The oil is being broken down by the catalytic (reacting) action of the materials used to manufacture or coat the valve stems. In particular, nickel and chrome alloys. This pyrolytic decomposition is widely recognised in the industrial power generation sector where hydrocarbons are in contact with superalloys used in the construction of combustors, nozzle guide vanes, and exhaust components.
In layman’s terms, this means the materials used to manufacture and harden the valves are reacting with the lubricating oil and creating an aggressive bond between the lube and the valves!
Although this hypothesis seeks to explain the mechanism behind the formation of these carbonaceous deposits, there are still many challenges ahead. As carbon is the constituent part of all lubricating oils and fuels and each of these is fundamentally required by engines in their present form, a method of reducing or eliminating carbon buildup must be sought.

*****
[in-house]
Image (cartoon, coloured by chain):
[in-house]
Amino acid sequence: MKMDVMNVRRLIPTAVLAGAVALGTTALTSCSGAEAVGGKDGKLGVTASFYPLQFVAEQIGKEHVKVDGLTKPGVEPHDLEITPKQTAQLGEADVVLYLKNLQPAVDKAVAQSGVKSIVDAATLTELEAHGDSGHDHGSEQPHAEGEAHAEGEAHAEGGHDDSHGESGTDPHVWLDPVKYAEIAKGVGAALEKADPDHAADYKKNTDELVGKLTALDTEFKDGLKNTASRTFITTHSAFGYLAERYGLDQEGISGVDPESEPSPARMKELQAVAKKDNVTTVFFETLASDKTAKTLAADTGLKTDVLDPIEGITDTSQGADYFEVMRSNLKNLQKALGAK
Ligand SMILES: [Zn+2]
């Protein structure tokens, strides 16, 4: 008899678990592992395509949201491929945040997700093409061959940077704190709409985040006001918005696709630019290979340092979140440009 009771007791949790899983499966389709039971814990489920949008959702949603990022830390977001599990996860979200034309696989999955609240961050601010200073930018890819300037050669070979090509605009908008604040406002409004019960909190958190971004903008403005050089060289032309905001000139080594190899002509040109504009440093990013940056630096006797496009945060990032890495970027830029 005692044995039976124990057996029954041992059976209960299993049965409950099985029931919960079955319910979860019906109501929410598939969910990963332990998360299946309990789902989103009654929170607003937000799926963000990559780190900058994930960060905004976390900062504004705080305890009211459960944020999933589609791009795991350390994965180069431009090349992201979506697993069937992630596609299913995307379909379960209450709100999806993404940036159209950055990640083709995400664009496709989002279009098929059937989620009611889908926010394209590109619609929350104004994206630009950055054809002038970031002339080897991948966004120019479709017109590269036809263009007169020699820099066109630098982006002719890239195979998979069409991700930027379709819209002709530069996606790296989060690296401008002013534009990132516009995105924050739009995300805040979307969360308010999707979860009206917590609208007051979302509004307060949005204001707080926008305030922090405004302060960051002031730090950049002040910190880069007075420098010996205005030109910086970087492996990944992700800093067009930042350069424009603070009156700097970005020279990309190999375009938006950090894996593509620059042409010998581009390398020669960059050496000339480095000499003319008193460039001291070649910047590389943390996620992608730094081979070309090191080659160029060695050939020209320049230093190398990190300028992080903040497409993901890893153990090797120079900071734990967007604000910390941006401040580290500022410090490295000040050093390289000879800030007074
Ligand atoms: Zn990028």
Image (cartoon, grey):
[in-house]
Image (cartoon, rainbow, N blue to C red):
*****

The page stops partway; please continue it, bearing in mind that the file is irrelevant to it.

Once oil has initially decomposed and formed a bonded carbon deposit with the valves, it remains chemically active. This allows further carbons — whether from engine oil or recirculating fuel emissions – to adhere to the existing mass with ease.
Some manufactures have incorporated a more complicated fuel system with a combined port/direct port engine design to retain the benefits of direct port injection whilst injecting some fuel behind the valves to help keep them clean. However, for existing direct port engine designs there are few viable options. One can change the valve material and/or use a coating that doesn’t catalyse with carbons or enable the adherence of carbon, or introduce an additive pack that can inhibit carbon formation.
Valves have to work very hard and current valve materials are chosen for their toughness and durability. Any replacement material and/or coating would have to at least share or improve upon these properties. There are proposals in the area of material and surface coating choice but we are not at liberty to share them at this stage.
Other theories consider that at certain engine operating conditions there is a small amount of backwash as the early injection of fuel occurs whilst the inlet valve is still open. The contribution of EGR also needs to be considered. For compression-ignition engines – diesels – the heavy contamination of inlet tracts with a dense, but greasy, carbon-based deposit is well known. There are many EGR deletion methods that focus on the prevention of this deposit buildup, which as in the case of their petrol-fuelled counterparts, can seriously impede the flow of inlet air to the combustion chamber.